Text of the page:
c.: "The derivations in section 2.2 are confusing in my opinion. This particularly applies to those relating to Eq. (23). More specifically, one can easily verify that c_P V_0 is the normalization factor of |psi_b>> ... It is important that the authors comment on this. … The same change also makes clear to the reader that |psi_b(p)> are not orthonormal, a fact which is not mentioned in the current version of the manuscript. In addition, it lifts the ambiguity on how the orbital wavefunctions are calculated in section 5."

We have substantially revised the explanations and derivations in section 2.2 to clarify all the issues raised by the referee in this point. See especially the text and new equations between Eqs. (29) and (34). In particular, the normalization factor is now explicitly and properly defined with the new symbol N_P (for what was previously c_P V_0), and the nonorthonormality of the spin kets |psi_b(p)> is mentioned explicitly [just below Eq. (25)]. Corrections have also been made in equations outside section 2.2 as necessary.

d.: "For the derivation of Eq. (31) the completeness of the two-body helicity spin-basis <Eq. (2) given in the report> has to be employed. A property that is not mentioned in the current form of the manuscript. ... To make the derivation more transparent this property should be added in section 2.1 where the two-body helicity basis is first introduced. This comment should be subsequently referred to in the discussion regarding Eq. (31)."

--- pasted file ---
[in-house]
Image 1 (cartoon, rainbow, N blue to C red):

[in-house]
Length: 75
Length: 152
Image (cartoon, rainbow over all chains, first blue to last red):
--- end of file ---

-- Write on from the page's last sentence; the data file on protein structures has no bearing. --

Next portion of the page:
We have added the completeness relation given as Eq. (2) in the report as new Eq. (19) in section 2.1, introduced by the sentence ‘For fixed P ... this subspace;’. As suggested by the referee, this relation is then referred to in the discussion just above Eq. (41) [the previous Eq. (31)] ‘Employing the resolution (19) ... ‘.

Minor comments:

1.: "In Eq. (2) h is introduced but is not defined as denoting the Zeeman energy. The authors should make sure that this quantity is defined in the updated version of their manuscript. In addition, they might consider changing the notation from h to Delta to avoid any possible confusion with the Planck constant."

We now define the Zeeman energy h explicitly after Eq. (2). We decided to stick with the symbol h, as it is widely adopted in the related literature and to avoid a possible confusion of the symbol Delta with an energy gap or pair potential, e.g., in a Bogoliubov-deGennes Hamiltonian.

2.: "In the discussion following Eq. (3), it might be useful to note that M provides a transformation from the configuration to spin space. Moreover, the authors might consider amending the expression regarding lambda(p) by including the expansion of the matrix multiplications <mathematical expression in report>. This change will make the distinction between spatial coordinates and spin coordinates clear."

We found this remark really useful and have included its message in the new paragraph above Eq. (4) [previous Eq. (3)]. In particular, we added the mathematical expression suggested by the referee as our new Eq. (3), and we now refer to q as the ‘vector of momentum-dependent spin splittings’ to distinguish it from the real-space orbital vector p.